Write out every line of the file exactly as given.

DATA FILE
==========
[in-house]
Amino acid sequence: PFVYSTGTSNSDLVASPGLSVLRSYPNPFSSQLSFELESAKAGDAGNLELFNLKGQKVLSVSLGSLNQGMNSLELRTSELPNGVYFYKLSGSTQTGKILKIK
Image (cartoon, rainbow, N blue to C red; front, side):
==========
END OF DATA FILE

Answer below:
[in-house]
Amino acid sequence: PFVYSTGTSNSDLVASPGLSVLRSYPNPFSSQLSFELESAKAGDAGNLELFNLKGQKVLSVSLGSLNQGMNSLELRTSELPNGVYFYKLSGSTQTGKILKIK
Image (cartoon, rainbow, N blue to C red; front, side):